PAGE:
Abstract: The efforts to contain SARS-CoV-2 and reduce the impact of COVID-19 have been supported by Test, Trace and Isolate (TTI) systems in many settings, including the United Kingdom. The mathematical models underlying policy decisions about TTI make assumptions about behaviour in the context of a rapidly unfolding and changeable emergency. This study investigates the reported behaviours of UK citizens in July 2021, assesses them against how a set of TTI processes are conceptualised and represented in models and then interprets the findings with modellers who have been contributing evidence to TTI policy. We report on testing practices, including the uses of and trust in different types of testing, and the challenges of testing and isolating faced by different demographic groups. The study demonstrates the potential of input from members of the public to benefit the modelling process, from guiding the choice of research questions, influencing choice of model structure, informing parameter ranges and validating or challenging assumptions, to highlighting where model assumptions are reasonable or where their poor reflection of practice might lead to uninformative results. We conclude that deeper engagement with members of the public should be integrated at regular stages of public health intervention modelling.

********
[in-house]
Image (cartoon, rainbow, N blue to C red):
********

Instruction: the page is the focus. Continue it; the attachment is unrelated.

This post is inspired by a question from one of our readers, Lukasz. I’m going to outline how I find and examine research on organisations, agile/lean, and culture. Hopefully this will inspire you to dig more into what stuff is true and what is just crap.

Finding the genuine facts among the huge volume of opinion is hard. It’s hard in politics, it’s hard in management, and it’s hard in social science. As a mathematician, I come from a world things are either true or not, and I continue to find exploring ambiguous and opinion-rife research challenging.

Finding an interesting topic

First you need to know what you want to know. Inspiration for what to research can be found in case studies, papers, blogs, books, conversations, your own experience etc. I personally find my ways of thinking most easily challenged by experience, books, videos, and conferences (probably because these are accessible!).

Finding the research

Once you’ve something you want to know, and the vocabulary to describe it, I’d recommend googling with specific terms. For example, if you are interested in the impact of management on team members, I’d recommend something like: “role hierarchy team impact” or something similar. Stay away from buzzwords like “management” or “agile”.